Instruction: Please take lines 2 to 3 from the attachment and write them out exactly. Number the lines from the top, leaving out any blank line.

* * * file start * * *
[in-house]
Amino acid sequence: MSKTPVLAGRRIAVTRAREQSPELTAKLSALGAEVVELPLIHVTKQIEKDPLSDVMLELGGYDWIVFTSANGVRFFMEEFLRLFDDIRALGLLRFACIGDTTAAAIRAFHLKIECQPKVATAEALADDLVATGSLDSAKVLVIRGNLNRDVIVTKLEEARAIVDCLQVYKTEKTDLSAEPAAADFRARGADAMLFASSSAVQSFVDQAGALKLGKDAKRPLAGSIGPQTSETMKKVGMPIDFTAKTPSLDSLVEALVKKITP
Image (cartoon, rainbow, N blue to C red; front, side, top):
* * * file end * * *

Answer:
Amino acid sequence: MSKTPVLAGRRIAVTRAREQSPELTAKLSALGAEVVELPLIHVTKQIEKDPLSDVMLELGGYDWIVFTSANGVRFFMEEFLRLFDDIRALGLLRFACIGDTTAAAIRAFHLKIECQPKVATAEALADDLVATGSLDSAKVLVIRGNLNRDVIVTKLEEARAIVDCLQVYKTEKTDLSAEPAAADFRARGADAMLFASSSAVQSFVDQAGALKLGKDAKRPLAGSIGPQTSETMKKVGMPIDFTAKTPSLDSLVEALVKKITP
Image (cartoon, rainbow, N blue to C red; front, side, top):